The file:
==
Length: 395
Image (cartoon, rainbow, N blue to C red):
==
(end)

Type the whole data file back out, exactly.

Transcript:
Length: 395
Image (cartoon, rainbow, N blue to C red):